The boat is currently based in the AOS yard in Lorient. An amazing yard for its big trimaran, Open 60’s, Class 40’s and Mini’s. Every boat in the yard is of a high pedigree of racing. There is also a lot of history in the yard. In WW2 it was a German submarine base, and over the years its bee home to some classic racing yachts including the entire Pen Duck fleet. 816 is located in the Mini part of the yard, and there are currently about 200 mini’s, about 40 of which are getting ready for the big race. I am in an awesome location as the boat is always under cover, and I can winch it up in the air using block and tackle to sand and paint the undersides when required.
In the past few weeks the bottom of the boat has been completely stripped of all Antifouling back to its original gel coat, re-primed and re painted. This is not an easy job it requires sanding overhead for days on end. So far the bottom has taken me over 5 days, and I estimate I have another two days of work to get it perfect. The keel and rudders are looking flash in the mandatory Survival Orange. The rest of the hull will be sprayed with a very smooth antifouling on Friday just before I put the boat back in the water. Once re-sprayed the boat will need re-sanding, diving on a regular basis, and a final polish before the race.
All the fittings on the deck have been taken off and overhauled, and in most cases replaced with new Harken equipment including the traveler which has been replaced by a brand new Harken Traveler and car, and a new designed traveler system which will make it easier for me to trim the mainsail to its full potential.
All electronics have been re-wired, and in addition to the existing NKE instruments and Pilot system, a interface has been made with the newly installed Raymarine X5 Pilot, the majority of components found at heavily discounted prices, or lent to me by friends or family, allowing me to have a backup pilot incase for any reason the NKE fails. A third “Autohelm” pilot has been lent to me from my father from his 20ft trailer sailor in Australia, which will be packed in styrofoam for the Transat only to be bought out incase of complete failure. My Efoy charging system was re-conditioned before my last race, and I have now installed the computer display so I can monitor its power usage and turn it on and off as required. One major change in the electronic layout in the boat is that all the wiring now runs up the starboard side of the boat to prevent interference with the SSB receiver, which is the only way I will receive weather forecasts during the Transat.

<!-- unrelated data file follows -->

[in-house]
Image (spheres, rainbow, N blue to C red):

Rudders have been taken off the boat to be re-sprayed, and at the same time the rudder gudgeons have been re-fastened and tightened up with locking nuts to insure that they don’t become loose after 4000nm of sailing. A new Tiller has also arrived, and I am currently modifying that to allow it to be used with the Raymarine deck pilot. A simple job (or so it would seem) to put a pin in place. But this requires cutting, re-filling, glassing, grinding to ensure that inserting the pin will not weaken the structure of the tiller at all.
My new bow rotator fitting has arrived after being lost in the post for a while, and is currently getting some slight modifications before I install it on the boat and re-fasten the pulpit at the same time, and install the new pole that I am currently building.
While I waited on parts to arrive and epoxy to dry, one fun job today was finally getting the new AUS 816 numbers on the mainsail and pasting on my Australian flag. With music playing (as always) I enjoyed this job, as it was one of the last on my list. And while there is still a lot of work to do before being on the start line of the Mini Transat, I now know I’m 96% there!